These can be used to dig into the soil and are popular with allotment holders and gardeners. They are great for improving the tilth of the soil and retaining moisture in the summer. They only rot down slowly so the benefit is long-lasting.
This is a circular vessel, the wort entering tangentially; thus the wort rotates. During boiling, proteins coagulate and these and the remains of the hops move to the centre of the vessel as a result of centripetal force. The bright wort is drawn off, leaving the solids, known as ‘trub’. As this is protein rich, the trub is saved in a small tank and ultimately mixed with the spent grain.
This is a counter current plate heat exchanger. Hot wort passes through alternate spaces between stainless steel plates, in one direction. In the intervening spaces, cold liquor is pumped in the reverse direction. Thus the hot wort emerges cold and the once cold water emerges hot. This is recovered for use in the next brew. This saves energy and water and reduces waste water.
Yeast is now added to the cooled wort. The vessel is only about three-quarters filled as during the next five days or so, the yeast multiples rapidly forming a large head. When complete, almost all the sugar in the wort will have been converted to alcohol and at last we can now call the product ‘beer’. However it is still very cloudy due to the yeast.
In cask beer, the addition of finings will cause the yeast to settle out. For all other forms of packaging, the beer will be chilled, matured and filtered before kegging or bottling. Old Tom is supplied to some pubs in cask, but is also available in distinctive bottles in both pubs and supermarkets.
An extensive look at the brewing process that Robinsons undertake (one that you can look at first hand on their brewery tour), apologies if it gets a little technical too, but to decipher a brewing process can sometimes be a hard task, and a well deserved ale is needed. Speaking of which, I’ve been lucky enough try many of the Robinsons range, so below, I give to you my tasting notes –
Old Tom – 8.5%
Recognised as one of the most famous strong ales in both national and international worlds, receiving Gold for the award of Worlds Best Ale at the third annual World Beer Awards. They also won at the same ceremony the recognition of the World’s Best Dark Ale, The World’s Best Strong Ale and the Worlds Best Barley Wine. It also boasts awards from CAMRA as the Supreme Champion Winter Beer of Britain three times at the National Winter Ales Festival.
Aromas of fresh malt hit your nose straight away following by an instant mouth-watering effect of the rich malt that combines with a deep, almost port-like flavour. A well-balanced after-taste of bitter hops and dark cherry fruits gives it a lasting flavour.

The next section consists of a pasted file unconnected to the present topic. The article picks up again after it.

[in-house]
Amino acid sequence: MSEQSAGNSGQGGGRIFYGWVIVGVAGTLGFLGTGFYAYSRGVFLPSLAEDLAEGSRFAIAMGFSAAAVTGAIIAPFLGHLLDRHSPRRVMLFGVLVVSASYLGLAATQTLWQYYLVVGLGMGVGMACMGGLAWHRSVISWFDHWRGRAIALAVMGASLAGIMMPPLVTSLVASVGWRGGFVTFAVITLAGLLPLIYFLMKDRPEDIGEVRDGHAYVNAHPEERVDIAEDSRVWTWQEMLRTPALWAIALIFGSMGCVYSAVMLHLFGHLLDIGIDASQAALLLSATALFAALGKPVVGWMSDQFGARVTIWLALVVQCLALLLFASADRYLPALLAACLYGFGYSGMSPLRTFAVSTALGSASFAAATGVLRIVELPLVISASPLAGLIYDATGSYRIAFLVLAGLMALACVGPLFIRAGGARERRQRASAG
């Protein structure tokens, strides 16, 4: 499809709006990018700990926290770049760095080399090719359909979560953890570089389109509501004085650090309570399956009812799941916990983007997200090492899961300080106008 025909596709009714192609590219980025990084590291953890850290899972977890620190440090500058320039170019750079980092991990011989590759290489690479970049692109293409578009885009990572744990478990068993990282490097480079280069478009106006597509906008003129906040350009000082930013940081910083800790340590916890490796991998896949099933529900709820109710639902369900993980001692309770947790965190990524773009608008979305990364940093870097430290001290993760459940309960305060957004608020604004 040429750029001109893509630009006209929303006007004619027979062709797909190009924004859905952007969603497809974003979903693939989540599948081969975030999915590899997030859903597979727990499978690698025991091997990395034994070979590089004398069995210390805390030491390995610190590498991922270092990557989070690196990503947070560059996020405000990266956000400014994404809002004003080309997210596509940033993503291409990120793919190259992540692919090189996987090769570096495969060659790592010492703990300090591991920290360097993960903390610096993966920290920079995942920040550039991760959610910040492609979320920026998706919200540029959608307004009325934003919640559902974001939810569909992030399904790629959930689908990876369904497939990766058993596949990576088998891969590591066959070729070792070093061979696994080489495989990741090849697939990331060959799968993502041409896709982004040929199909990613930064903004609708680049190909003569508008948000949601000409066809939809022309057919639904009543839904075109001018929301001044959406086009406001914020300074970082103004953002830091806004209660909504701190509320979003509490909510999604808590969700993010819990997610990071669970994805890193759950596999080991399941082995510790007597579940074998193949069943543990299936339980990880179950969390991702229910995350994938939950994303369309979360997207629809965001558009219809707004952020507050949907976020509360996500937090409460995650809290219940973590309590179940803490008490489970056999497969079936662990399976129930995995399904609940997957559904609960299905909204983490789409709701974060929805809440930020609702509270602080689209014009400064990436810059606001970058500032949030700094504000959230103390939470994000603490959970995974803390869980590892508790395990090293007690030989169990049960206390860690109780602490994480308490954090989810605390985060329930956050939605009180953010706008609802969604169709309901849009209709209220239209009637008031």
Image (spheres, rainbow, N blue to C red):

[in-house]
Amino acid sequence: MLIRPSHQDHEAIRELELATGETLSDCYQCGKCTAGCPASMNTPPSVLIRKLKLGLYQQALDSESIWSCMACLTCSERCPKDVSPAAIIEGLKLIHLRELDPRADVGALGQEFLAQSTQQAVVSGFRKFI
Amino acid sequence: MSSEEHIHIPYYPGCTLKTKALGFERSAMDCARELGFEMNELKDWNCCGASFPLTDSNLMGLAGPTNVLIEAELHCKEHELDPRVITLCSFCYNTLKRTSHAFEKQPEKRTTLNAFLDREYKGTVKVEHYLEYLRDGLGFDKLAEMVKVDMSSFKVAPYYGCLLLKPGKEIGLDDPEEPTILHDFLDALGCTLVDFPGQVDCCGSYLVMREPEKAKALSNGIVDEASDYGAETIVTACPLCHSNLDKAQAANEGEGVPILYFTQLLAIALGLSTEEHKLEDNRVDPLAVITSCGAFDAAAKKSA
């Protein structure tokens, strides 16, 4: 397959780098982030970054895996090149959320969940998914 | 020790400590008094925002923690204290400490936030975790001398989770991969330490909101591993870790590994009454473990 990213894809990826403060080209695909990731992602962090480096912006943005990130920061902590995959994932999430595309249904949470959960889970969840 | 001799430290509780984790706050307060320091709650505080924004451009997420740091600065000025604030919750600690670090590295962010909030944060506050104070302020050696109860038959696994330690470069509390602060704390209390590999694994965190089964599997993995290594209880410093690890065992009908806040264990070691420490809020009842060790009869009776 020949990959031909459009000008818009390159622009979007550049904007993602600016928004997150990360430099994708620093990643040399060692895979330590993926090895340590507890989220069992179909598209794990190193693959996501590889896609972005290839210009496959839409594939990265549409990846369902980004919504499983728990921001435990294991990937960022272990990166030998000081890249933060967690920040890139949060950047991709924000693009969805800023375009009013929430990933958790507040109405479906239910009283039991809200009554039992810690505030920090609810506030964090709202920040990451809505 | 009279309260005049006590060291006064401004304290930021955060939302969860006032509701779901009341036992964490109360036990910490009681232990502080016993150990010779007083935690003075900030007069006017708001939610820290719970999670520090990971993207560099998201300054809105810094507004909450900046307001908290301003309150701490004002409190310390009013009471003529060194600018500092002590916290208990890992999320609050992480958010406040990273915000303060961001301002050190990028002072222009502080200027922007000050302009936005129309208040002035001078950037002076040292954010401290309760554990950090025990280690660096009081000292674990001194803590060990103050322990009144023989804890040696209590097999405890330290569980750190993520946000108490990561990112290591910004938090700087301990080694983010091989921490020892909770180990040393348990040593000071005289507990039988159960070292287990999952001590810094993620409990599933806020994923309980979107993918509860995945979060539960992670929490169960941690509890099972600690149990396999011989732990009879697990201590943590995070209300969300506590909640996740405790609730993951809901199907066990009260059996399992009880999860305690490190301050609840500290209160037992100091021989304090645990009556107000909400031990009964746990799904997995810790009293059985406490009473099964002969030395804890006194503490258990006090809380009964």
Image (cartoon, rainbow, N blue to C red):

Old Tom Chocolate – 6%
Developed by Robinson’s with the renowned chocolatier Simon Dunn. Aromas of chocolate dominate the nose and upon taste, a sweet and an almost fresh chocolate palate. A hint of hops and a slight roasted malt flavour linger.
Old Tom Ginger – 6%
A combination of Robinsons Old Tom and Fentiman’s Ginger Beer, which uses a traditional recipe dating back to 1900. On the nose, a soft ginger aroma with a slight fresh malt following close behind. The ginger becomes a base figure on the palate and presents itself in a slow burst of flavour. Hints of cherry fruits with a slight sweet yet more bitter balance of the hops follows until a smooth ginger after-taste that leaves a slight tingle in the back of your throat.
Long Kiss Goodnight – 3.9%
A seasonal offering. A rather warm, floral mix of toffee and spice on the nose, with a rich, hoppy biscuit taste on the palate. Unfortunately no longer available.
Designed by Manchester band Elbow. The nose enjoys a slight bitterness with fresh hops mellowing their way down. The palate gets a slow burst of sweet fruit with only a hint of bitterness on the tongue. A fresh, slight citrus note, lasts long on the after-taste with malt flavour staying on your lips.
Dizzy Blonde – 3.8%
Inspired by the use of Amarillo hops from the States. Fresh malt nose with a high aroma of zest that follows soon after. Rather light on the palate with the zest coming through and creating a crisp yet slightly dry ending.
Unicorn – 4.3%
Brewed since 1896. A slight dark malt on the nose with hints of spice making a presence. Soft on the palate with a smooth offering, but changes between a slightly bitter and sweet flavour profile.